Filling out Canadian tax documents

Few clients verify the accuracy of tax information slips issued by their advisors’ firms. Some may review the slips for reasonableness and perform a cursory reconciliation, but most just accept that the slips are accurate.

If the slip is inaccurate, various parties, including the advisor and firm (as well as the client, Canada Revenue Agency and tax return preparer) act to resolve the error. Hopefully, an amended slip is issued in a timely fashion so that the client’s economic loss and stress are minimized.

To rectify the slip error, the client incurs incremental professional fees and, in the interim, may be liable for taxes owing, arrears interest and penalties. Plus, the time value of money must be considered. Until resolved, the financial and emotional stress persists related to tax debt, and taxable income per the original notice of assessment may be overstated, which may impact benefits such as old age security and the guaranteed income supplement.

When I act as a power of attorney (PoA) for property or as an executor (a.k.a. estate trustee), I prepare the accounts in a manner that is consistent with “passing of accounts” requirements. Passing of accounts refers to the process of submitting the financial records (accounts) to the court for approval in a specific format.

Accordingly, there is a detailed accounting of every transaction incurred during the estate and PoA administration. Ultimately, I should be able to reconcile financial records to the tax information slips issued. This is one of my tests to verify the accuracy of my accounting. However, I have encountered tax slip errors associated with investment activities in registered and non-registered accounts. I typically deal with death of a taxpayer scenarios, for which there sometimes seems to be a tax reporting hiccup.

Let me share a recent example.

I’m the acting attorney for a client under the PoA for property. The client lost her spouse in late 2020, and she had never looked after the couple’s finances. She maintains a modest lifestyle, has no debt, pays her bills immediately upon receipt and relies on an array of government benefits and supplements. She uses her annual tax refund for TFSA and RRSP contributions. She doesn’t understand the time value of money and wants incremental funds deducted at source on her government benefits so that she gets a larger tax refund. She equates the size of her tax refund with the performance of her tax return preparer.

The T4RSP slip issued to the client (the transfer from her deceased spouse’s RRSP to her RRSP) was incorrect. When I contacted the advisor to bring the error to his attention, he said the financial institution was in the process of issuing another slip.

Prior to the 2021 income tax year filing deadline, another T4RSP slip was issued, but it was a duplicate of the original. The new slip had no indication that it amended or adjusted the previous slip.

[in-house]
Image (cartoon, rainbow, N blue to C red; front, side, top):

I once again contacted the advisor and asked why the financial institution issued two identical slips. The advisor responded that he’d escalate the matter to the tax department, and he’d contact me when he heard back.

Three weeks later, the advisor said the tax department claimed it issued only one slip, and he asked if the client’s CRA account showed that two slips were uploaded.

I confirmed as much and sent the advisor an email with attachments of the two slips and the dates they were received. The advisor again asked the tax department to escalate the matter.

Two weeks later he told me the institution’s tax department cancelled the second slip in the last week of May.

But the client has been assessed based on the two T4RSP slips, and the original amount is still incorrect, I said.

Any delay in cancelling the second slip is on the CRA’s part, the advisor said, explaining the institution’s process of transmitting data to the agency.

I told the advisor that this response was disappointing, given there was no explanation or accountability for the first incorrect slip and second duplicate slip. And given the slip issuance deadline, it shouldn’t take until the end of May to rectify the duplicate error. Further, the matter was causing unnecessary stress to the client and impacted her ability to receive certain tax-related benefits.

The advisor said he understood the frustration and inconvenience, and apologized. The only information he had was provided by the back office, he said, and he didn’t hear of these issues happening often.

As of mid-August 2022, the error remains unresolved, and the client is receiving collection calls from the CRA. Her tax-related benefits were reduced, and she’s stressed. I have explained to her that, in time, this issue will be resolved, and the tax debt will be eliminated. But for someone who has never owed anyone a penny, my comments fail to relieve her anxiety.

Also, the advisor’s statement that the errors don’t happen often may be incorrect. They may happen often, but, because clients don’t reconcile their tax slips, the errors aren’t acknowledged.

Regardless of frequency, tax slip errors happen, and they can be fixed. Advisors and firms must be willing to acknowledge an error and be active participants in rectifying it.

When discovered, these situations provide an opportunity for an advisor and firm to find a way to collaborate, resolve the discrepancy and, ultimately, be advocates in supporting the client’s financial well-being.

Michael Kulbak, MBA, CPA, CMA, TEP, is principal of Kulbak Trust Solutions in Mississauga, Ont.